-- If the customer has used the goods and obtained commercial benefit from the use, the supplier may be entitled to deduct a fair amount from the refund to make up for that benefit.


Retailers need to be aware of the following:

-- The time limit for a customer to seek a refund is dependent upon what is reasonable in the circumstances of the particular goods or services being purchased. When customers have problems with their purchase(s) they should bring these problems to the attention of the retailer promptly.

-- The goods need NOT be returned in original packaging to obtain a refund.

-- A receipt or proof of purchase should always be requested when a refund, exchange or credit note is requested.

-- A refund should always be given in the manner in which the original purchase was paid for unless otherwise agreed by both the customer and the retailer. For example if they paid with a credit card, the refund should be reimbursed to that credit card.



‘No Refund’ signs
Retailers don’t have to use signs which explain their policy regarding refunds/returns, but if they are to be used, then they must clearly state what customers are entitled to. The signs don’t have to be long and complicated – shorter signs can be used as long as they don’t mislead the customer. Disclaimers printed in small font can be considered as misleading, because customers may not see them.

Signs which explain the refund/return policy of a retailer should be positioned as close as physically possible to the entrance(s) to the store. This way, the customer is unable to enter the store and make their purchase without having been deemed to be in possession of knowledge of the retailer’s refund policy.


There is no point in placing refund policy signs at the Point of Sale – the customer has already made their selection (if not already completed the purchase) and therefore can’t be said to have made the purchase in full knowledge of the retailer’s refund policy.


Signs that impose time limits for returning goods are illegal because they mislead customers about their rights.

Commonly displayed signs that breach the Trade Practices Act are:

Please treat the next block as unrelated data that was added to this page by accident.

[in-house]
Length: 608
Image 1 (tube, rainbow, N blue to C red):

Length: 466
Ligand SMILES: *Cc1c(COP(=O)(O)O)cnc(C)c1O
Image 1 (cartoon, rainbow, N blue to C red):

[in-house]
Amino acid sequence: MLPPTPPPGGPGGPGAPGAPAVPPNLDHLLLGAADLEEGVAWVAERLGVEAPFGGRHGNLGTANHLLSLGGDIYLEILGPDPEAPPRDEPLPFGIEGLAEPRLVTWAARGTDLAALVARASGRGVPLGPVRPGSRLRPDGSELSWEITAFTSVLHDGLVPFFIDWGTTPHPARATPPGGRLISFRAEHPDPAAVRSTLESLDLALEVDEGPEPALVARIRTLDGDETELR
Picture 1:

‘No refunds’

‘No refunds after 7 days’

‘No refund or exchange’

‘We will exchange or repair or give credit notes but we don’t refund’


A sign which says:

‘Please choose carefully as we don’t give a refund or credit note’ is also illegal as that sign would falsely represent the rights of the customer.

Any sign displaying a refund policy should also state that proof of purchase is required.




Examples of acceptable signs:
If goods are sold by sample (eg. curtains, blinds, tiles or bricks), then the following sign could be used:


‘No refund unless goods are faulty or do not match the sample you were shown.’



If mechanical, electrical or electronic goods are being sold (eg personal computers, stereo systems etc), many customers would rely on the advice of a specialist salesperson. The sign could say:


‘No refund unless the product is faulty or does not do what we said it would.’



Whitegoods are an example of goods sold on the basis of what they can do, ie. an automatically defrosting refrigerator. In this case, you could use a sign saying:


‘No refund unless goods are faulty or do not match description.’



Retailers may want to tell their customers they can’t expect a refund if they change their mind. In this case, the following wording could be used:

‘Please choose carefully. We don’t normally give refunds just because you change your mind’.



The following refund policy has been endorsed by both Consumer Affairs (Vic) and the Australian Competition & Consumer Commission:


‘Our Refund Policy:

Please choose carefully.

We don’t normally give refunds if you simply change your mind or make a wrong decision.

You can choose between a refund, exchange or credit note where goods are faulty, wrongly described, different from a sample shown to you or don’t do what they are supposed to do.

Please retain your receipt for proof of purchase.’
   

pez9512 Monday, October 25th, 2010 | 9:52 am PST
I was up at Skirmish this past weekend. They have a sign that's posted at the sales window: "all sales final"
   

Im_That_Guy! Tuesday, October 26th, 2010 | 9:35 am PST
quote:
Originally posted by pez9512
I was up at Skirmish this past weekend. They have a sign that's posted at the sales window: "all sales final"

Exactly. Buyers remorse is not sufficent excuse for a refund or a "law suit".
   

wrightusmc02 Sunday, February 6th, 2011 | 4:46 am PST
So a man told you he was the owner. Thats funny because when I was up there and had a problem a woman tiold me she was the owner.....
When I opened that $50 case of paint that they charge $100 for, the paint was dimpled and misshapened. They got an attitude and didnt want to exchange the case for me. They finally did but that didnt mater anyway because the paint was so crappy that you never knew what direction it was going after it left the barrel and you were lucky if it broke. Skirmish is a racket plain and simple